Background: Patients with minor head injury [Glasgow Coma Scale (GCS) score 13-15] have a small but important risk of intracranial injury (ICI) that requires early identification and neurosurgical treatment. Diagnostic assessment can use either a clinical decision rule or unstructured assessment of individual clinical features to identify those who are at risk of ICI and in need of computerised tomography (CT) scanning and/or hospital admission. Selective use of CT investigations helps minimise unnecessary radiation exposure and resource use, but can lead to missed opportunities to provide early treatment for ICI.
Objectives: To determine the diagnostic accuracy of decision rules, individual clinical characteristics, skull radiography and biomarkers, and the clinical effectiveness and cost-effectiveness of diagnostic management strategies for minor head injury (MHI).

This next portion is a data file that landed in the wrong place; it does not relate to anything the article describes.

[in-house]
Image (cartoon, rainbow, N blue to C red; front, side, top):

Data sources: Several electronic databases [including MEDLINE, MEDLINE In-Process & Other Non-Indexed Citations, Cumulative Index to Nursing and Allied Health Literature (CINAHL), EMBASE and The Cochrane Library] were searched from inception to April 2009 (updated searches to March 2010 were conducted on the MEDLINE databases only). Searches were supplemented by hand-searching relevant articles (including citation searching) and contacting experts in the field. For each of the systematic reviews the following studies were included (1) cohort studies of patients with MHI in which a clinical decision rule or individual clinical characteristics (including biomarkers and skull radiography) were compared with a reference standard test for ICI or need for neurosurgical intervention and (2) controlled trials comparing alternative management strategies for MHI.